This progression is also helped along by the little slivers of story you're fed throughout. As with other sandbox games like Minecraft, there is an end of sorts (like the Ender Dragon), but the emphasis is very much on survival and exploration instead, with the story elements serving merely as pointers to distant places to discover more cool and intriguing things. If you haven't gathered by now, your goal is to escape this new and strange planet, and soon after landing and repairing your radio you receive messages from other escape pods and potential rescuers feeding you information, leading you to uncover more of the story.
Perhaps the Minecraft comparison is unfair, though. While we would maintain that the story very much takes a back seat to the exploration and the gradual opening up of the world, the mystery it entices is very interesting and we enjoyed experiencing the surprises it threw at us, especially in the later stages of the game. We won't spoil the details, but we will say that it's not as simple as just escaping this watery wonderland you've found yourself in.
At the beginning of the game there are a variety of difficulty settings depending on your preference, so it can be as taxing a survival mission as you want it to be. Hardcore, for instance, sees you manage hunger, thirst, health, and doesn't give you O2 alerts... oh, and you have only one life. Survival, on the other hand, only had hunger, thirst, and health, while Freedom only sees you manage health, and Creative lets you do as you please and with no constraints. These stop the game becoming a chore for those who don't fancy foraging for food at the same time as trying to stay alive, and it's welcoming for all potential incoming players.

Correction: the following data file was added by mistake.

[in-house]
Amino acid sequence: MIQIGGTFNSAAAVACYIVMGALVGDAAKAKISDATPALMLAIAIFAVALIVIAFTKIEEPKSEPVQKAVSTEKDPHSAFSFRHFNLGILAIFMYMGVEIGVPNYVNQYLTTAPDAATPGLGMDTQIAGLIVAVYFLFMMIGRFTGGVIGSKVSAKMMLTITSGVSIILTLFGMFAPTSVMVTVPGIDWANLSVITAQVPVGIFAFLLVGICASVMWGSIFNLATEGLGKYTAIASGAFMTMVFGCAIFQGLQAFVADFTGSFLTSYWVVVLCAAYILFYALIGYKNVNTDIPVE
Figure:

Of course, it's not just you alone in this wet and wild planet, as there are plenty of animals and plants sharing your new home. A lot of these are docile, such as the giant Reefback creatures and the small fish darting around your vision, but some, like the Stalkers, will react aggressively to your presence. Even some plants will harm you if you get too close, so you'd best make sure to check around you at all times before scavenging for copper or gold or what have you.
Subnautica seems to have benefited from the years it spent in Early Access, as the game looks great right now. Sure, there are graphical slips like pixelated textures and an awful lot of pop-in, but for the most part, the underwater exploration was a joy to behold, whether that be the dim glow in cave systems or the sunlight breaking through the water in the daytime. That said, however, it's not perfect in the performance department, as some dodgy animations seemed to slip through and we often noticed the frame-rate dropping at odd moments, which was a bit of a shame to see.
As far as a sandbox game goes, Subnautica balances everything very nicely. You're never left too long with one element before you're given something new to see or build, and before long you'll find yourself knee deep in an enticing narrative while hundreds of meters below sea level. It's a bit daunting at first, but it's a rewarding exploration to unknown depths, one that's sure to make a splash with players.